From Fig. 2.7 in the Third National Climate Assessment, ‘Observed U.S. Temperature Change’, this single figure has 11 images, 2 datasets used in multiple combinations across the 11 images, and nearly 300 metadata field inputs documenting this graphic. This metadata is stored in the GCIS and is easily accessible via the NCA3 website (

The Third National Climate Assessment (NCA3), released in May 2014, provided a comprehensive assessment of the impacts of climate change in the United States. The scope of the NCA3 project and its goals of inclusiveness, transparency, and traceability posed a variety of information management challenges. Many of those challenges, and the tools and processes developed to meet them, are described in an article published in Climatic Change. CICS-NC’s Sarah Champion and Kenneth Kunkel are coauthors, writing along with lead author Anne Waple and Curt Tilmes.

The authors describe a range of information management solutions developed for NCA3, including:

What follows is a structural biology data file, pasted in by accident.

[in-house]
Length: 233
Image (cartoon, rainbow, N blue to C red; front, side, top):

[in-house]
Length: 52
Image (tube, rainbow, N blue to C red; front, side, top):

• web portals for soliciting technical inputs from stakeholders and for facilitating the collaborative development of chapter content and figures;
  • processes and tools for collecting metadata and other source information, which were essential to meeting the requirements of the Information Quality Act;
  • a system for soliciting and managing review comments from the public and expert bodies, as well as the responses to those comments;
  • the Global Change Information System (GCIS), which provides access to metadata and facilitates the exploration of connections between data sets, reports, subject matter experts, observing systems, and more;
  • the delivery of the report itself via a user-friendly, engaging web interface that provided easy access to GCIS content.

Much of the development of these information systems was done at the NOAA Assessments Technical Support Unit (TSU) the National Centers for Environmental Information (NCEI, then known as NCDC), in Asheville, NC. The TSU staff for the project included a number of current and former CICS-NC employees as well as NOAA staff and contractors.

Lessons learned from the NCA3 informed refinements of the processes and tools used by the TSU to support and deliver the USGCRP Climate and Health Assessment in April 2016. Continuing improvements are planned in support of the ongoing sustained assessment process, including a climate science report and the fourth National Climate Assessment, which are currently in development.

Waple, A. M., S. M. Champion, K. E. Kunkel, and C. Tilmes, 2016: Innovations in information management and access for assessments. Climatic Change, 135, 69-83.